Reading a long sms from a Seeed GPRS shield

I am having hell with this and I know it is probably really simple. I am trying to read a text message from my Seeed GPRS shield. I have the shield setup as a software serial and I am displaying the information received from the GPRS to the serial monitor. I am currently sending all AT commands over serial while I work on my code. To display the data from the software serial to the serial monitor, I am using the following code.


GPRS is my software serial, obviously. The problem is, the text is long and I only get a few characters from it. Something like this.

+CMGR: “REC READ”,“1511”,"",“13/12/09,14:34:54-24”
Welcome to TM eos8

This text is a “Welcome to T-Mobile” text that is much longer. The last few characters shown are scrambled. I have done some research and have seen that I can mod the serial buffer size to 256 instead of the default 64. I want to avoid this because I am sure there is an easier way. Any ideas?

I’m right there with you, so I’ll bump your post and add my situation. I’m using the same SIM900 module on a Linksprite shield, also on T-mobile. I’ll post my code below, but if I create a serial patch to the SIM900 and use the AT command to read my first (or any) position SMS, I only get a few characters preceded by the originating telephone number and a timestamp. You don’t mention the number and timestamp in your post but I figure you’re getting that too. My whole response to AT+CMGR=1 in Terminal is:

+CMGR: “REC READ”,“1511”,"",“13/12/15,13:39:48-32”
Welcome to Tetrub1

If I run it again, I might get a few different ending characters like “Welcome to TbLrun5”.

Did you ever figure this out and if so could you post your sketch? Anyone have suggestions to add to our code to read the entire contents of an SMS? My code:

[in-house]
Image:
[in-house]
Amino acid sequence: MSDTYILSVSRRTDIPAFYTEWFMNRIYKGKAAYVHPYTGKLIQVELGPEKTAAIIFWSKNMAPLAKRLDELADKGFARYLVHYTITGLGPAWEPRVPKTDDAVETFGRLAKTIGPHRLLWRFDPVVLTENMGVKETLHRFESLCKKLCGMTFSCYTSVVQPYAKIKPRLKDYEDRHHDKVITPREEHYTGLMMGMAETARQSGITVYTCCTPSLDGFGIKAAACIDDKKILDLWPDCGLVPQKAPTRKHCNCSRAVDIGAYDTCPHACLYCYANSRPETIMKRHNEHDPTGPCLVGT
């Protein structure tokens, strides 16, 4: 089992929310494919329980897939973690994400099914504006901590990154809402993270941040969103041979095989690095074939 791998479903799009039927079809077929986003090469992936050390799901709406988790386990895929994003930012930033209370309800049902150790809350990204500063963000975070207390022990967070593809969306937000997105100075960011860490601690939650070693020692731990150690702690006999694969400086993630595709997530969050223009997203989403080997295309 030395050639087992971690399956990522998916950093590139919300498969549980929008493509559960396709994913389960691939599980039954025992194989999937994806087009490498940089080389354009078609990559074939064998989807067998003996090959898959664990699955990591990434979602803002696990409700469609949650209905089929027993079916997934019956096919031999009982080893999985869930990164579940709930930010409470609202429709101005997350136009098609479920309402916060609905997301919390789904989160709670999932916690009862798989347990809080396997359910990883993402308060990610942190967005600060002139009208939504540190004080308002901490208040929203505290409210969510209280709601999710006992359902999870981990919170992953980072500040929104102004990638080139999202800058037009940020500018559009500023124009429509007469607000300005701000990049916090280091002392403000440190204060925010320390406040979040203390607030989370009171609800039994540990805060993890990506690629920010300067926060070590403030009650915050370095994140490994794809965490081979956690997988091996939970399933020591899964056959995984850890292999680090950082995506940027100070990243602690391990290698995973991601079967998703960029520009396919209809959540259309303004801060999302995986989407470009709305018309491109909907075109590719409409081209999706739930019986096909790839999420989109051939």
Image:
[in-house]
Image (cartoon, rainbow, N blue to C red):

#include <SoftwareSerial.h>
SoftwareSerial mySerial(7, 8);
void setup()
  mySerial.begin(19200);               // the GPRS baud rate   
  Serial.begin(19200);                 // the GPRS baud rate
  mySerial.println("AT+IPR=19200");    // Tell the SIM900 not to autobaud
void loop()
  if (mySerial.available())
  if (Serial.available())

The hardware serial port has a buffer to store some data until you get around to reading it. SoftwareSerial uses pin change interrupts to detect data and interrupt the processor to handle it.

Serial.available tells you that there is data in the buffer, so consider what happens when you say "while(serial.available) {... }", when you have read all the available data the while loop will exit. It does not mean that you have read all the data that is being sent, just that you emptied the buffer. If you then do other things and the buffer fills up again, it could overflow if you don't get round to reading it quickly enough.

Posting your full sketch may help with understanding what is going on. One thing to consider is separating the reading and writing, i.e. read all the data into memory (assuming you can determine the end-of-message, or read until a certain time has elapsed) and then write it out on the other port.

Hey I noticed you found the solution (or at least a work around) by changing the SoftwareSerial.h file in the SoftwareSerial library. Thanks for figuring this out! It's working great.

ironchariot: I had an issue with this. With receiving text, you have problems with the buffers. I had to mod the arduino serial buffer size to allow a larger buffer and write my own library for a larger software serial buffer. Here is the way I increased the serial buffer. . For the software serial I just duplicated the library, renamed the instance and keywords, and changed the max buffer size to 256. Both buffers are 64 originally. It is a pain, but you can do it non destructively. This way you can receive the whole text.